On August 23, Illinois’s Department of Public Health reported a case of death likely related to the use of e-cigarettes or vaping. Vaping implies the inhaling of vapor produced by an e-cigarette or another device, such as a vape pen. These devices contain cartridges or pods filled with nicotine, chemicals, and dried cannabis leaves. They can also contain derivatives made with THC (tetrahydrocannabinol) and CBD (cannabidiol). THC is the psychoactive compound found in cannabis. In contrast, CBD is the non-psychoactive compound.
First vaping-related death
The death reported in Illinois was the first to be allegedly caused by vaping. According to Illinois’s health department, 22 people aged 17–38 have experienced respiratory illness after using e-cigarettes or vaping.
The Illinois Department of Public Health requested the CDC’s (US Centers for Disease Control and Prevention) help in investigating the reported cases. The CDC is now investigating 193 potential cases of illness involving e-cigarettes or vaping reported by 22 states between June 28th and August 20th.
CDC director Robert R. Redfield said, “We are saddened to hear of the first death related to the outbreak of severe lung disease in those who use an e-cigarette or ‘vaping’ devices. CDC’s investigation is ongoing. We are working with state and local health departments and the FDA to learn the cause or causes of this ongoing outbreak.”
However, Gregory Conley, President of the American Vaping Association, blamed the THC black market for the recently reported cases. He said, “Each day of this crisis brings more evidence that street vapes containing THC or other illegal drugs are responsible for these illnesses, not nicotine vaping products.”
Is the cannabis industry concerned?
Vaping has gained popularity recently. Moreover, the common perception is that vaping is an effective method of quitting tobacco smoking. In particular, young people are increasingly using JUULs, e-cigarettes shaped like a USB flash drive. Tobacco giant Altria (MO) has a 35% stake in Juul Labs, which manufactures JUUL. Altria also has a 45% stake in cannabis company Cronos Group (CRON).
The CDC and many organizations have been very vocal about the potential harm caused by e-cigarettes and vaping. They’ve mainly criticized rising usage among teens and young individuals. According to the CDC, the number of young e-cigarette users surged by 1.5 million between 2017 and 2018.
Currently, there’s no proof establishing the harmful effects of vaping products. Some also believe that smoking cannabis is better than tobacco. However, the American Lung Association warns against smoking marijuana because of the risks it poses to the lungs.
Nonetheless, the rising allegations and warnings by reputed organizations and health departments could work against cannabis companies, which have been investing significantly in the vape market.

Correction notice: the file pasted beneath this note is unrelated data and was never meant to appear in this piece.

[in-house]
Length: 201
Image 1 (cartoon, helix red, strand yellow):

Companies exposed to the vape market
On its fourth-quarter conference call, Aphria (APHA) indicated that it expects vapes and concentrates to represent about 30% of the Canadian adult-use market by 2021. In June, Aphria collaborated with PAX Labs, a maker of cannabis vaporization devices. Under the deal, Aphria will offer premium cannabis extracts from Solei, RIFF, and its namesake Aphria brand in pods for the PAX Era device and platform. For more information on Aphria’s growth plans, read Aphria’s Strategic Growth Initiatives Drive APHA Stock.
In May, Cronos established Cronos Device Labs, a research and development center. This center will innovate vaporizer products for cannabinoid applications. In July, Cronos signed an agreement with Heritage Cannabis Holdings. Under the agreement, Heritage will provide cannabis extracts and services for vaporizer devices for the Canadian market. Altria’s investment in Cronos will also facilitate its growth in the vaping market.
Canopy Growth (WEED) (CGC) is expanding into the US vaporizer market with its recently announced distribution agreement with Greenlane Holdings. Under the partnership, Greenlane Holdings will distribute Canopy’s vaporizers. In 2018, Canopy acquired Storz & Bickel, a maker of medically approved vaporizers.
Tilray (TLRY) aims to grow in the hemp vape market via three subcategories. It said on its second-quarter earnings call that it would distribute its vape products as disposable vapes, interchangeable 510 thread, and cartridges that fit into the proprietary delivery systems made by others.
With Canada set to legalize cannabis vapes, beverages, and edibles this fall, any unfavorable news about vaping could affect cannabis companies’ growth prospects. The FDA is closely watching the vape market. So far, it has instructed four companies to remove 44 products. To learn more, read FDA Raids Vaping Products, Gets Them Off Shelf.